It’s certainly not a stretch to think Davis can hit treys at a similar efficiency as Ibaka. In fact, he shot 56.3 percent on shots greater than 20 feet last season. Although, he only attempted 16 of those on the entire season, so it's not a strong indicator due to small sample size.
Wrapping this all up, Davis building some muscle could also help his durability, which is really the chief concern of anyone looking to draft him. The extra potential output in triples also gives him a bigger upside. He has the potential to unseat Kevin Durant
for fantasy’s best player and it’ll cost you a top-five pick to get him in the fall. Personally, I have him ranked fourth as of right now.
Coach Steve Kerr
said Draymond Green
is “an interesting player” to be a starer at power forward, but he is probably best suited as a super reserve. As much as the pro-Green group wants him to start, he will still have some nice value off the bench.
The Warriors have a tougher time staying healthy than almost any other team. In fact, their most commonly used lineup was on the court for just 44 games last season. Andrew Bogut
enters the offseason with his cracked rib and had a laundry list of injuries and Andre Iguodala
is dealing with tendinitis in his knees, which has been an issue for him in previous seasons. Plus, David Lee
has a few injuries on his medical chart.
Green’s versatility should be able to get him in the lineup in almost any of the front three spots. His postseason averages of 11.9 points, 8.3 boards, 5.0 boards, 2.9 assists, 1.7steals, 1.7 steals and 1.1 triples are enough to make him a late target. If someone goes down to injury, Green could easily be a top-60 guy.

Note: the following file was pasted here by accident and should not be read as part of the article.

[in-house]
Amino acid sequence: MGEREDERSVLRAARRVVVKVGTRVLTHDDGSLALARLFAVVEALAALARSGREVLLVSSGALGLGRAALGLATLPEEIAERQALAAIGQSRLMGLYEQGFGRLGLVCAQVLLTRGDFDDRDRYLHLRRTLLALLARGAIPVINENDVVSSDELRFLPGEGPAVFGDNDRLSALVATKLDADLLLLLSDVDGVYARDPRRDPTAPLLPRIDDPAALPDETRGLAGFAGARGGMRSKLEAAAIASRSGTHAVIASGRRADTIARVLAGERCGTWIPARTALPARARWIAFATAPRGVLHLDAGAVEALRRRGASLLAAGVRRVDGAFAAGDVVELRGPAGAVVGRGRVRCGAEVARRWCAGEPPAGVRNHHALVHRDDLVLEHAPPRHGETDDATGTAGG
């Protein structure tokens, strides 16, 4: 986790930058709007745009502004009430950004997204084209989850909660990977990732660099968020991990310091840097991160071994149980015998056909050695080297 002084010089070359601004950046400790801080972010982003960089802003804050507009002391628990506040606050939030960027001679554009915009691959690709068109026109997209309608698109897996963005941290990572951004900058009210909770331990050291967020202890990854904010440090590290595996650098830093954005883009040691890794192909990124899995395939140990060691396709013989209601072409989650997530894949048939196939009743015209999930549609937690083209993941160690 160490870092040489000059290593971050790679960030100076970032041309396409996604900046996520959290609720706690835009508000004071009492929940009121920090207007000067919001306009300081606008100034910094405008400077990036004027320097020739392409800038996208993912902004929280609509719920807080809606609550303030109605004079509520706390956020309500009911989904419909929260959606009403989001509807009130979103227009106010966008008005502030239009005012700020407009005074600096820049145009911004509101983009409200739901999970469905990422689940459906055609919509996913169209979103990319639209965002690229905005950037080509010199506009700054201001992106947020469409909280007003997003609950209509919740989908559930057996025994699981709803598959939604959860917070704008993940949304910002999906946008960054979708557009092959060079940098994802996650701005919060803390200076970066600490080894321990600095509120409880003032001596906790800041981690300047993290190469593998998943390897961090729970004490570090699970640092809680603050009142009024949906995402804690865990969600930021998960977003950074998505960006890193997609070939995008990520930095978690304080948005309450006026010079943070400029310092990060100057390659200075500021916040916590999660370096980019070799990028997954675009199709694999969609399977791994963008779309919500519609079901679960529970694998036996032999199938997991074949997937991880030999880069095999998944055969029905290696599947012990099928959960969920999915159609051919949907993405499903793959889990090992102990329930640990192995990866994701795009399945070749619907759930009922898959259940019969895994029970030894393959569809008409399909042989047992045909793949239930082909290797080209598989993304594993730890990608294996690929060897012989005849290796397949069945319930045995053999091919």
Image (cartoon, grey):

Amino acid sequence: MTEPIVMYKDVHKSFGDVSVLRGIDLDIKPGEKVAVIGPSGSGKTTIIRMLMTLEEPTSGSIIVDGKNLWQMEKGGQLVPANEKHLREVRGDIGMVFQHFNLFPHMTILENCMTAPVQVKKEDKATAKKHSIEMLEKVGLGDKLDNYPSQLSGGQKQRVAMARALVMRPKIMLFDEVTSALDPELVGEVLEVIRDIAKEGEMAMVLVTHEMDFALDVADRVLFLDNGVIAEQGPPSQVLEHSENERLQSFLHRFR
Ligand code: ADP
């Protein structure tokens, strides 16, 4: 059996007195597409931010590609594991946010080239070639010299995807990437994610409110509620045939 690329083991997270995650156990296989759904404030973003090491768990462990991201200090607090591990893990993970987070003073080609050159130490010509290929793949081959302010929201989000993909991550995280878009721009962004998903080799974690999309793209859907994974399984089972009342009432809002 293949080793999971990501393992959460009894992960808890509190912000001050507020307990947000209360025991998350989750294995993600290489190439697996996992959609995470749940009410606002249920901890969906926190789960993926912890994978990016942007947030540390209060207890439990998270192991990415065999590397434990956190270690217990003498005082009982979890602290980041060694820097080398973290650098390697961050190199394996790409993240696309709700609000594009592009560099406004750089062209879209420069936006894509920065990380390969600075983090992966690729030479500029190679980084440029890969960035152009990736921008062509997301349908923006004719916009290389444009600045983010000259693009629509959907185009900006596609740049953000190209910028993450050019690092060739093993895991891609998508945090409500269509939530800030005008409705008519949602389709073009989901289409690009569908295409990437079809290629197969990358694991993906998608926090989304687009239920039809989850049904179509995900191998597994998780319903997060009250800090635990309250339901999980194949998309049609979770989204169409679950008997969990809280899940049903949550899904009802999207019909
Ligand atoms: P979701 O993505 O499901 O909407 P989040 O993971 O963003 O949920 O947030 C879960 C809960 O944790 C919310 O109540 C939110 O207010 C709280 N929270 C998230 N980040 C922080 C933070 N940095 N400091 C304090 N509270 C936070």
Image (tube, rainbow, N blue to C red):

The Hornets are still working on Michael Kidd-Gilchrist
’s shot. Assistant coach Mark Price
is spending his second straight season on working out the massive kinks in MKG's release. It’s a pointless battle for the team and he might as well just focus on being able to beat guys off the dribble. There’s almost no reason to even talk about this since he isn’t worth drafting in almost any fantasy format.
Vegas, Baby! Vegas!
Lastly, I just wanted to endorse Las Vegas Summer League from July 11-21. I went there for the first time last year and it was one of my favorite experiences. It’s held at UNLV and it’s just a four-minute drive from the strip. The games are played at COX Pavilion and Thomas and Mack Center, which are connected by a hallway — roughly a two-minute walk. It’s pretty cool to jump to different courts to watch the players you want to see.
It’s also a great atmosphere. There are a lot of players showing up to summer league just to take part in some practices and building rapport with their new teammates. For example, Anthony Davis
was just hanging out in the crowd — wearing some really sweet Foamposites — and Tim Hardaway Jr.
and his dad were sitting in the front row just watching games. Plus, just about every general manager and head coach shows up.
If you can set up a long weekend, it’s totally worth it. I’ll be there from July 11-18, so hit me up on Twitter
if you’re gonna head out there. You’ll probably catch me at the poker tables at night, too.